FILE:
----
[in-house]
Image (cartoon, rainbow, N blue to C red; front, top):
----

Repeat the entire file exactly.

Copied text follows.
[in-house]
Image (cartoon, rainbow, N blue to C red; front, top):